DesRochers: They tend to look for a magic bullet, an answer that will instantly make them successful. When new retirement plan advisers come to us, they say “how did you do it?” The only real answer is a lot of time, a lot of hard work, and listening to your clients’ concerns.
PA: What’s the one thing you hope your competition never figures out?
Worrell: How valuable a client relationship is. A quote we have highlighted at our firm is from Sam Walton: “There is only one boss. The Customer. And he can fire everybody in the company, from the Chairman on down, simply by spending his money somewhere else.”
Lacey: Great question. I think many advisers do not believe they can truly charge for their time. I’m not sure if this is because they are not confident in the value they add or if there are other reasons. Part of it probably has to do with the traditional method of charging for retirement plan advisory services—commissions/fees pulled out of plan assets. If an adviser is able to articulate his/her value proposition and back it up with a comprehensive service model, then there should be no hesitation to state confidently what revenue he/she requires. For us, this generally comes in the form of a retainer fee that can be paid out of the plan or by the company. Quoting a minimum revenue amount that must be charged for services regardless of plan size makes assets less relevant and, therefore, opens up markets that many advisers historically have not been interested in (think micro).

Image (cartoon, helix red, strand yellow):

PA: If we asked your clients why they do business with you, what would they say?
Deviney: We are able to take very complex and technical material and communicate it to our clients in an easy-to-understand format. This applies to both the plan sponsor and plan participants. People are suspicious of what they don’t understand. If you can put the plan into a format that is easy to understand, sponsors will be more engaged and willing to take your advice and employees will be more apt to participate.
Fine: These are the reasons why our clients do business with Gregg Fine and Gallagher Retirement Services: absolute integrity; industry knowledge; flawless execution; total commitment to excellence and client innovation; and constantly thinking ahead.
Steele: I believe they would say “We work with Pension Architects because they take care of us.”
Fiore: I am confident they would say we are a truly valued partner, that they can and do count on us, and that we deliver on what we promise. Plus, I am sure Steve would like it said that “participants really notice a difference, and they are engaged in their own futures.” Yes, I think they would all say that and, if not, I want to know about it because we are going to fix it.
Ratay: I would hope they say it is because they feel extremely comfortable with our knowledge and expertise and appreciate our strong desire to help their employees.
*Those participating in the roundtable were:
Sean Deviney, Provenance Wealth Advisors, LLC
Gregg L. Fine, Gallagher Benefit Services
John W. Spach, 401(k) & 403(b) Advisors-Los Angeles
Philip Steele, Pension Architects
James L. Worrell, GPS Investment Advisors, LLC
Phil Fiore and Stephen DesRochers from FDG Institutional Consulting Group at UBS
Michael Kozemchak at Institutional Investment Consulting
C. Todd Lacey from The (k)larity Group
Kenneth Rogers from Rogers Financial
Mark Ratay and Daniel Peluse with The Ratay Group at Morgan Stanley Smith Barney